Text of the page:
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Hooligan films: is it time for football cinema to move on?

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  Tuesday 20th January 2015
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Tuesday 20th January 2015
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British football cinema has always largely relied upon storylines of violence and hooliganism for their leading narrative. Football Factory, Green Street, The Firm, Rose of the Footsoldier and many more feature on the line-up of gritty dramas complete with aggressive and troubled males who want to battle their stresses away on a Saturday afternoon.

It’s been tried and tested, there’s a market for it, but surely even that market have had enough of the same regurgitated storylines. 1995’s film, ID, was of its time, but now they’re under way with another helping that will feature Tamzin Outhwaite, with the really out there “undercover cop gets too involved” plot. The director talks of tackling more societal issues, but don’t worry, “it also has lots of fun and fights”.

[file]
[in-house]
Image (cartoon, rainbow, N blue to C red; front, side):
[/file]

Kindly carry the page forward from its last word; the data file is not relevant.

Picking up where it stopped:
There’s plenty of entertainment to be had out of the beautiful game without reaffirming and often glorifying what was a dark part of our footballing history in the hooliganism heydays. Though it still exists, it’s been mostly pushed to the recesses and dark corners which is where it belongs. You can actually go and watch your team. If that’s not interesting enough in itself (of course there’s plenty of variability depending on who you support) then why not start wagering on them to bring that excitement back? With some help from the sports experts at blue sq, you could even turn a profit and end the day a winner, which would be much more than you could say after spending another couple of hours watching some of the same old cinema.

That’s where Sacha Baron Cohen’s Grimsby comes in and hopefully sets the tone to bring down the stereotypical “lad movie” by spoofing it and stopping the rot. We’ve seen it across plenty of other genres – horror movies weren’t the same after Scary Movie, and cop flicks lost some of their prestige from the likes of Naked Gun. Using that tone to make jokes out of just how predictable and stereotypical the plots have become could be a good thing, for quality cinema at least. 

Though the local residents don’t appear to be taking too kindly to it, you can expect the always-astute comedic touch from Baron Cohen. Even Ricky Tomlinson admits the Grimsby folk are likely to “hate it”. But it’d be much more enjoyable than another predictable couple of hours bad acting and worse plots.

The editorial unit